A Capitol Police officer is accused of telling a Jan. 6 suspect to hide evidence
A veteran officer with the U.S. Capitol Police was arrested Friday for allegedly encouraging a suspect in the Jan. 6 Capitol riot to hide evidence of their involvement in the attack. He is facing two counts of obstruction of justice, and has been placed on administrative leave while the case is ongoing.
The officer, Michael Angelo Riley, has worked for the Capitol Police for nearly 25 years, the department told NPR, and most recently served as a technician with the K-9 unit.
During the Jan. 6 siege, Riley was not inside the Capitol building, court papers state, but was instead responding to reports of explosives by the headquarters for the Democratic and Republican parties.
The day after the attack, according to an indictment filed in federal court, Riley sent a message to one of his Facebook friends, who had posted selfie-style photos from inside the Capitol building and discussed their participation in the riot.
"Im [sic] a capitol police officer who agrees with your political stance," Riley allegedly wrote to the suspect, whom the indictment does not name. "Take down the part about being in the building they are currently investigating and everyone who was in the building is going to [be] charged. Just looking out!"
The suspect then allegedly sent multiple videos of themself in and around the Capitol building to Riley. There is no indication in the indictment that Riley shared any of this information with investigators from his own department or the Federal Bureau of Investigation. Rather, court papers state, Riley responded to the suspect, "Just wanted to give you a heads up...Im [sic] glad you got out of there unscathed. We had over 50 officers hurt, some pretty bad." (In fact, more than 150 officers were injured in the Capitol riot.)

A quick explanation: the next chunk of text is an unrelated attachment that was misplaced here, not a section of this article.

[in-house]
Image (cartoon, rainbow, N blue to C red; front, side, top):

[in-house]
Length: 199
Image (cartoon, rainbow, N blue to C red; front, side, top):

Over the course of the next several days, Riley and the suspect allegedly sent dozens of messages back and forth and spoke on the phone at least once. In one message cited in the indictment, Riley instructed the suspect to, "get off of social media."
The indictment alleges that the suspect was arrested on Jan. 19, and, on Jan. 20, wrote to Riley that the FBI was "very curious that I had been speaking to you." That day, Riley allegedly deleted all of his Facebook messages with the suspect.
After his arrest on Friday, Riley briefly appeared in federal court. Prosecutors did not seek to detain him while the case is ongoing, though the court has imposed some restrictions on his travel as well as the possession of firearms.
In a statement, Capitol Police Chief Tom Manger said, "Obstruction of Justice is a very serious allegation. The Department was notified about this investigation several weeks ago. Upon his arrest, the officer was placed on administrative leave pending the completion of the case. The USCP's Office of Professional Responsibility will then open an administrative investigation."
A representative of the labor union that represents officers with the Capitol Police did not respond to a request for comment. NPR was unable to reach Riley's attorney.
Members of Congress have repeatedly praised the heroism of Capitol Police and other law enforcement in their response to the violent attack, while still questioning how the leaders of the Capitol Police and other agencies handled the events of that day.
Still, some Capitol Police officers have come under scrutiny for their actions during the siege. In September, the Capitol Police stated that they had conducted internal investigations of more than 20 officers, and recommended that at least six receive discipline for actions including "conduct unbecoming," failure to comply with directives," "improper remarks" and "improper dissemination of information."
At that time, the Capitol Police stated that "the U.S. Attorney's Office did not find sufficient evidence that any of the officers committed a crime."
The indictment against Riley changes that, and may add to the longstanding and growing concern about the presence of extremism in the ranks of law enforcement and the military.
NPR has found more than 80 defendants - 13 percent of the total - charged in connection with the Capitol riot have links to law enforcement and the military. A recent leak of data from Oath Keepers - some of whose members are facing conspiracy charges related to the Capitol attack - indicated that current and former officers have signed up with the extremist militia group.
There is no evidence in the indictment that Riley has links to any known extremist organizations. Still, the indictment suggests that he harbored some sympathy for an alleged participant in the Capitol riot, an incident that the FBI has classified as an act of "domestic terrorism."
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